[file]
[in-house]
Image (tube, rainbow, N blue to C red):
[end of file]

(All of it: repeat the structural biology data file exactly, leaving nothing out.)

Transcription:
[in-house]
Image (tube, rainbow, N blue to C red):